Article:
Broker blog from Delta Dental

Category: ACA update (Page 2 of 2)

Follow the latest news related to Health Care Exchange plans and the Affordable Care Act.

The three R’s, and why dental shouldn’t be left out

Repeal, replace or repair? These are the three R’s dominating the news in recent weeks about how U.S. Congressional Republicans want to overhaul the Affordable Care Act.

Republicans, who represent the majority in both the House and Senate, have an opportunity to rewrite the health care law, but are generally split into three camps on how to do so: Repeal the whole law now and replace later, perhaps incrementally; repeal once a complete replacement is ready; or repair the ACA for now, then determine what to do next.

Regardless of which strategy they select, something new is on the horizon, and Delta Dental is working to ensure dental benefits aren’t left out of the discussion.

About 1 million previously uninsured Americans today have affordable dental coverage as a result of dental benefits sold in public health exchanges, while employer-sponsored plans continue to enjoy tax-exempt coverage. Since our mission is to advance dental health and access to care, we want to preserve this progress in whatever legislation may come.

To this end, here’s what we’re telling lawmakers:

  • Allow people with exchange dental coverage to renew those policies with the carriers they’ve selected—whether or not those marketplaces continue—to minimize disruption.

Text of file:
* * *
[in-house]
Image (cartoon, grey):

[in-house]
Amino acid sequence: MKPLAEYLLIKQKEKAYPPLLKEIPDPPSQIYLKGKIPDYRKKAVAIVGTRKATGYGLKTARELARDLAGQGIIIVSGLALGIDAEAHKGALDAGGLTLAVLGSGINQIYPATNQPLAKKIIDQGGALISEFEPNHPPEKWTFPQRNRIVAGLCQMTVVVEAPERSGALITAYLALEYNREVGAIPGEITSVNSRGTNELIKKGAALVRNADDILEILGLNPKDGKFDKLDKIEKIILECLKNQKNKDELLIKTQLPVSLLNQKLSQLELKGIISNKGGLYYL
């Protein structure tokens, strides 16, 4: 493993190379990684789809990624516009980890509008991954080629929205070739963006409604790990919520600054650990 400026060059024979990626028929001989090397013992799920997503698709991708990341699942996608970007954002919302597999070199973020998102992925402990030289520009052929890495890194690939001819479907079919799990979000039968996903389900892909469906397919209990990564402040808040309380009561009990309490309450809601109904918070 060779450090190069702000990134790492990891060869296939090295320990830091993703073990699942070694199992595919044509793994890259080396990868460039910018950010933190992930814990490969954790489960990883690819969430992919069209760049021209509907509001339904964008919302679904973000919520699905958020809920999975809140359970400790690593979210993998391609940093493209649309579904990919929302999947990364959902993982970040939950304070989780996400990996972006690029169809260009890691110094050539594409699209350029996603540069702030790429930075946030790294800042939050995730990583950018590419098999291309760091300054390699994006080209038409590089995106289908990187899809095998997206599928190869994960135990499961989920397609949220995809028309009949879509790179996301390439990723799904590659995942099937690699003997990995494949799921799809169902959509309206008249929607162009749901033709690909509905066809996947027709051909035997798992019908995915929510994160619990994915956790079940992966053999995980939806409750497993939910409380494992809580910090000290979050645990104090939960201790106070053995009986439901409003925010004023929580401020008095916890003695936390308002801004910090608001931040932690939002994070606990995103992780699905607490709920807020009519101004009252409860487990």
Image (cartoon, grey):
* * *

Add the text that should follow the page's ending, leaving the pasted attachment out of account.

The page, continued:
• If a new law includes tax credits to help eligible Americans purchase benefits, let those credits be used for dental as well as medical coverage.
  • Keep the tax-exempt status for employer-sponsored dental benefits; expand that exemption to allow individuals to pay dental premiums with tax-free dollars.

Whether repeal, replace, or repair, the key “r” word for Delta Dental is ready.

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Dental and the ACA in 2017

New reports speculating on the future of the Affordable Care Act have come out almost daily since America elected Donald Trump to be the next president. Here at Delta Dental, our leadership involved with health care reform breaks down what all the hubbub may mean for the dental benefits industry in 2017.

Clients and enrollees won’t feel effects of any major changes for a few years

No “significant change to the health care market — medical or dental” is expected for three or four years, says Jeff Album, Delta Dental’s vice president of Public and Government Affairs.

“Repeal and replace has changed to repeal and delay,” Album says. “It’s clear that both Congress and the new administration are going to want to minimize disruption to the existing system.”

Album expects Congress will take action early in 2017 to defund parts of the law, but postpone when that takes effect. In the meantime, lawmakers will determine how the replacement will look.

As the new law is developed, he says, Delta Dental will take an active role by helping the industry “define its advocacy agenda” in terms that best serve existing and prospective customers’ needs.

Health Insurance Tax could be modified or repealed in 2017

Early this year, Album says, Congress will likely seek to find common ground on the future of taxes associated with the law, including the Cadillac tax and the health insurance tax (HIT). The HIT tax, charged to insurance carriers based on premiums earned, was put on a one-year moratorium for 2017.